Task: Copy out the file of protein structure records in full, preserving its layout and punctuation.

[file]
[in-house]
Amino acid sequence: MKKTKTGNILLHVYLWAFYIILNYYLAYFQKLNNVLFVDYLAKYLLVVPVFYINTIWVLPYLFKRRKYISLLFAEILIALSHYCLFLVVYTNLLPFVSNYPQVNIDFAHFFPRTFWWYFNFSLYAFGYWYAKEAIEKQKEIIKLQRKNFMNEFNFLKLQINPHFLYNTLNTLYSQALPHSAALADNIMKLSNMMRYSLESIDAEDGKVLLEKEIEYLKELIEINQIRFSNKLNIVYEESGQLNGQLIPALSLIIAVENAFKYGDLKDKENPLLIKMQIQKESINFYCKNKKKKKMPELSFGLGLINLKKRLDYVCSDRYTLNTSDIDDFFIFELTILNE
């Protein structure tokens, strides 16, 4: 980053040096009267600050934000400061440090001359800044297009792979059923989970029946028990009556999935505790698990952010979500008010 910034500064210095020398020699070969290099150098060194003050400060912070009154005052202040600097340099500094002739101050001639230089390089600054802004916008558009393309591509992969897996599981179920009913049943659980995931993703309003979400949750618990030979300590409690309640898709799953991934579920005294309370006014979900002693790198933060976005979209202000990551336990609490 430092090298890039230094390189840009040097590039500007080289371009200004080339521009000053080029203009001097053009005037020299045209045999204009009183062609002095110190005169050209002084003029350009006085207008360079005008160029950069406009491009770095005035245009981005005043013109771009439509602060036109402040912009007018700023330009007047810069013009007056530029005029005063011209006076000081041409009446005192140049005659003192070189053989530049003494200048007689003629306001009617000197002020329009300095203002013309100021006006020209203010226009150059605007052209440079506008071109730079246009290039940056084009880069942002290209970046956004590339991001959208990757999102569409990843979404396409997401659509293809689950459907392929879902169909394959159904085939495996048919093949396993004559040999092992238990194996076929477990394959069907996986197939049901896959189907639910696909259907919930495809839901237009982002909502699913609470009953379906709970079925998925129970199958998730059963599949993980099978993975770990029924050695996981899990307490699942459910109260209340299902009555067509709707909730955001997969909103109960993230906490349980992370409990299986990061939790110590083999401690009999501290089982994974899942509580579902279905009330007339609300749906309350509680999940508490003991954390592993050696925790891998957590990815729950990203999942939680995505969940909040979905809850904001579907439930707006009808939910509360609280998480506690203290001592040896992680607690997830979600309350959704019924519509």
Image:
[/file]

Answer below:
[in-house]
Amino acid sequence: MKKTKTGNILLHVYLWAFYIILNYYLAYFQKLNNVLFVDYLAKYLLVVPVFYINTIWVLPYLFKRRKYISLLFAEILIALSHYCLFLVVYTNLLPFVSNYPQVNIDFAHFFPRTFWWYFNFSLYAFGYWYAKEAIEKQKEIIKLQRKNFMNEFNFLKLQINPHFLYNTLNTLYSQALPHSAALADNIMKLSNMMRYSLESIDAEDGKVLLEKEIEYLKELIEINQIRFSNKLNIVYEESGQLNGQLIPALSLIIAVENAFKYGDLKDKENPLLIKMQIQKESINFYCKNKKKKKMPELSFGLGLINLKKRLDYVCSDRYTLNTSDIDDFFIFELTILNE
């Protein structure tokens, strides 16, 4: 980053040096009267600050934000400061440090001359800044297009792979059923989970029946028990009556999935505790698990952010979500008010 910034500064210095020398020699070969290099150098060194003050400060912070009154005052202040600097340099500094002739101050001639230089390089600054802004916008558009393309591509992969897996599981179920009913049943659980995931993703309003979400949750618990030979300590409690309640898709799953991934579920005294309370006014979900002693790198933060976005979209202000990551336990609490 430092090298890039230094390189840009040097590039500007080289371009200004080339521009000053080029203009001097053009005037020299045209045999204009009183062609002095110190005169050209002084003029350009006085207008360079005008160029950069406009491009770095005035245009981005005043013109771009439509602060036109402040912009007018700023330009007047810069013009007056530029005029005063011209006076000081041409009446005192140049005659003192070189053989530049003494200048007689003629306001009617000197002020329009300095203002013309100021006006020209203010226009150059605007052209440079506008071109730079246009290039940056084009880069942002290209970046956004590339991001959208990757999102569409990843979404396409997401659509293809689950459907392929879902169909394959159904085939495996048919093949396993004559040999092992238990194996076929477990394959069907996986197939049901896959189907639910696909259907919930495809839901237009982002909502699913609470009953379906709970079925998925129970199958998730059963599949993980099978993975770990029924050695996981899990307490699942459910109260209340299902009555067509709707909730955001997969909103109960993230906490349980992370409990299986990061939790110590083999401690009999501290089982994974899942509580579902279905009330007339609300749906309350509680999940508490003991954390592993050696925790891998957590990815729950990203999942939680995505969940909040979905809850904001579907439930707006009808939910509360609280998480506690203290001592040896992680607690997830979600309350959704019924519509």
Image: